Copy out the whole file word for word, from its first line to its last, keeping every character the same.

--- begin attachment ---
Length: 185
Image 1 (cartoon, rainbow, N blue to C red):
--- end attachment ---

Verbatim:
Length: 185
Image 1 (cartoon, rainbow, N blue to C red):